C++ Development for Symbian Series 60 Phones

I’ve tried a bunch of different toolsets, without ever really being happy. Some that I’ve tried include:

However, Nokia has now released Carbide C++, which is supposedly specific to developing phone applications. After installing Carbide, it is also necessary to install an appropriate SDK for your particular mobile phone platform. Looking at Device Details on Nokia’s website, specifically those for the 6620, I learned that I needed “S60 2nd Edition, Feature Pack 1”. Browsing on Nokia’s SDK download pages, it is nearly impossible to figure out which SDK is the right SDK. I thought I had done it, only to discover that what I thought was the generic Symbian Series 60 SDK 2nd Edition Feature Pack 1 was actually for .NET. There is hope, though…

Once Carbide C++ has been installed, it automagically opens up a local html file. I have pasted some of its contents here because they contain simple links to the appropriate SDKs:

SDK Support in Carbide.c++
Release 1.0.0 Revised Feb 14, 2006

To complete your installation and start Symbian C++ application development, you may want to install one or more of the following SDKs:
S60 SDKs (forum.nokia.com)

Series 80 Platform SDKs

UIQ SDKs (developer.uiq.com)

You also need to install:

Perl (www.activestate.com)

I installed “S60 2nd Edition, FP 1” for my Nokia 6620. Note that during installation it claimed to be for MetroWerks Codewarrior. I believe Nokia bought that product and renamed it Carbide, but I’m not sure. I also installed ActivePerl version 5.8.6 build 811. This is newer than the one suggested by the Carbide docs, but it seems to work.

It’s slightly confusing to figure out how to create a project that will actually run on the phone. The steps I followed are:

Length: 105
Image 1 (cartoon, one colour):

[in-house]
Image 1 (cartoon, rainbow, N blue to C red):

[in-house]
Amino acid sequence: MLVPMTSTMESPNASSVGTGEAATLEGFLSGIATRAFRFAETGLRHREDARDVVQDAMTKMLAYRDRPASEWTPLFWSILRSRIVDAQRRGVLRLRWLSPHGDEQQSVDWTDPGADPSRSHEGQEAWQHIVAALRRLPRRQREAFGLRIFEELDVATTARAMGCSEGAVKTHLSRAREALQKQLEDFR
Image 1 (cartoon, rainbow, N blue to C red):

• File : New -> Symbian OS C++ Project (choose a name in the resulting dialog box).
  • Choose “Symbian Polymorphic DLL Project : S60 2.x [type] application” , where type indicates the basic structure of the application you’re trying to build. One of them is “Hello World”, a reasonable pick for first-timers.

Carbide is not without its limitations, some of which include:

  • The only build option is Build-All; its not possible to build a single source file. Time-consuming for large projects.
  • No built-in support for SVN (that I’ve discovered yet, anyways). I’m still not sure how difficult it will be to keep a project current in a revision control system if Carbide is used.

But some things I really like are:

  • Powerful rename options. So many IDEs choke badly if too many project files are renamed.
  • Sane workspace management. I feel like the IDE is helping me, rather than moving files around according to some arcane set of rules.
  • Importing of other projects from .mmp or .inf files. Most of the examples I tried just worked; unheard-of for these phones!
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